‘I know that it is the illness’

Kim Hix, 46, is the president of Good Boy Roy, in addition to her roles as part-time personal trainer, an advocate for children in court proceedings and, of course, full-time mother.

“When Zack does awful things, I know that is the illness,” she says. “He is so loving and sweet and thinks of others.”

She knew early on that Zack was different, she says. He wouldn’t sleep alone, screamed to the point where she thought he was going to hurt himself and had trouble processing the reasons he was disciplined.

The family had no history of mental disorders, so Kim Hix started taking Zack to doctors.

“We didn’t know what to think,” she says. “We were kind of bewildered.”

Zack’s father, Doug Hix, says it sometimes feels like they are isolated and on an island, but points out that many people have it worse.

Kim Hix says Zack’s struggles continue to affect the family, especially Kelsie, 14.

“None of this is in your control really,” says Kim. “You can’t fix these things. If it’s a bad day, if it’s chaotic, you pray a lot and when you wake up you hope the next day is better.”

No broad brush on his symptoms

Zack has seen psychiatrist Dr. Robert Richards since elementary school.

Richards doesn’t use a broad brush to describe Zack’s symptoms, he says, because the disorders manifest themselves differently according to the individual, the responsiveness to treatment and the resources available. But Richards did classify Zack’s problems as severe.

Still, the teen has a “high-level of sensitivity and intuitiveness,” Richards said. His drawings could be a way for him to express his view that people should be treated with kindness.

“If you look at other aspects of personality growth and development, he has a strong capacity for empathy,” says Richards.

Dr. Ken Duckworth, a psychiatrist and the medical director for the National Alliance on Mental Illness, says the two most important variables in treating mental disorders and illness are family support and the patient’s willingness to accept help from loved ones.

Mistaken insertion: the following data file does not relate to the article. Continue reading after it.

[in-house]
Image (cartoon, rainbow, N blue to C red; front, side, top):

Kim says Zack is family-oriented, always wanting to be near and spend time with his parents.

“I can’t tell them how much I love them in words,” says Zack.

Doug Hix, who has been married to Kim for 21 years, works for an engineering company. At times, his work puts him on the road for two or three weeks a month. When he is home, Doug says he makes spending time with his children a priority. He and Zack race mountain bikes, follow the Atlanta Braves and never miss a University of Georgia football game.

“When he’s at a calm state, when he’s the Zack that we know and love, he’s a great kid,” Doug Hix says. “If his med levels are where they need to be, he can focus. Interaction with faculty and student body, it’s spot on. You’d never expect anything.”

It’s those other times — when he can’t remain calm — that trouble his parents.

Zack’s OCD can cause him to grasp onto single thoughts. He’ll want to do things perfectly and not being able to can sometimes propel him into a rage that can last for hours, his mother says. The episodes have occurred since Zack was a child.

Enter Good Boy Roy

Zack has drawn pictures since he was old enough to hold a pen. He has always gravitated toward cartoons, Japanimation characters and superheroes, his parents say. Drawing seems to provide Zack the context his compulsions won’t allow, and his mother says he’s always used artistic expression to apologize after acting out.

The characters are based on Zack and those close to him. Volleyball Girl was inspired by his younger sister, Kelsie, and Handsome Hen takes after the man who introduced Zack to “The Simpsons,” his uncle Henry.

In 2009, Zack took a stack of Good Boy Roy drawings to his mother and asked what she thought. She liked them enough to have one printed on a red T-shirt, his favorite color.

Zack wore the shirt everywhere. Kim Hix had already considered making Good Boy Roy a business, but when she saw how proud the T-shirt made Zack, she wondered if it might be a way for Zack to support himself after high school if his mental health issues prove to be barriers to employment.

“I have always been a fixer,” she said. “That has been my job since Zack was born, trying to get him help and get him the resources that can help him progress.”